Well-matured ham

It’s great to see the increasingly fervent Twitter commendations for Andrea Chénier at Covent Garden as the run reached its climax with the last night on 6 February.

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A love of old books

Title page to Virgil's Works, 1696

Title page to Virgil’s Works, 1696

Whether for their content, or simply as beautifully crafted objects, “old books” are undoubtedly a pleasure. In my modest collection the oldest is a copy of the works of Virgil dating to 1696. As someone who can’t read Latin, it’s never likely to be well-thumbed, a fact which is fortunate as the front cover increasingly loses its grip on the spine. Nonetheless, looking through it has thrown up some fascinating annotations which seem worth sharing.

First, the title page: set in red and black, so far as I can make out (and begging your pardon for the Latin translation and interpretation!) it says,

Virgil’s Works. Interpretation and notes illustrative by Charles de la Rue, Society of Jesus [Jesuit], by the command of the most Christian King, as for the use of the most serene Dauphin according to the latest edition of Paris. London, printed by A Swalle & T Childe at the sign of a unicorn, at the cemetery/churchyard of St Paul’s.

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Fervent, but not very revolutionary

Versailles: Galerie des Glaces [photo: Mark Tyson]

Versailles: Galerie des Glaces

I wasn’t expecting to see Covent Garden’s new Andrea Chénier until next weekend, but was cajoled into a last-minute returned Upper Slips ticket for last night. For various reasons – not least, that it was a long, long week – I’m glad I’ll have a second chance at it.

I don’t really know Andrea Chénier, other than as a couple of over-impassioned excerpts such as La mamma morta and the closing duet. Judging by some Twitter commentators, it’s a piece of rare delicacy that calls for the most carefully cultivated voices and a production of subtle delicacy, making the most of the myriad options for reinterpretation. To me, it looked – and sounded – like a loud, brash load of old ham: one of those operas that makes a good noise, but isn’t going to change your world.  (more…)

Bland Ballo

A monument at Brookwood Cemetery, Surrey [photo: Mark Tyson]

Brookwood Cemetery, Surrey [photo: Mark Tyson]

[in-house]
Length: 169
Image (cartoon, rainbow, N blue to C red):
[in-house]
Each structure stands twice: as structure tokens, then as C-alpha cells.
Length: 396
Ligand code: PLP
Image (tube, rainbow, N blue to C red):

Upheaval seems to be baked into Verdi’s 1859 opera Un ballo in maschera: it was begun as a tale about a Swedish king, shifted briefly (in conception) to Germany, then finally premiered as featuring colonial Boston. Now Katharina Thoma has shifted it to pre-First World War Austria-Hungary for Covent Garden’s new production. The assassination of Riccardo at the end is seemingly intended to evoke the spirit of events on the town hall steps in Sarajevo in June 1914.

Not that it matters, since this rather hammy melodrama streamrollers forth, paying no heed to the new window-dressing. Outer acts appear to look backward to the clunkier operations of Il Trovatore or Nabucco, whilst the central act in the ‘spooky’ graveyard has more of the developed, conversational writing on which Verdi’s reputation is more justly based. Picking up on the spooky graveyard theme, not to mention the supernatural invocations of fortune-teller Ulrica, Thoma has opted for an omnipresent pseudo-Gothic décor (minus the pointed arches, incidentally). When funerary monuments are not required, the cloisters and weighty doorframes are rearranged to form libraries, bedrooms, etc., but in essence most of the action, loosely directed, takes place in a wide open space in the middle of the stage. The graveyard scene did have some quite effective business with statuary coming to life to caress the distressed Amelia. Otherwise not particularly engaging, but I suppose not too offensive either. Given Covent Garden’s recent run of flirting with more interventionist directorial ideas, it’s at least a more benign form of failure for a new production. (more…)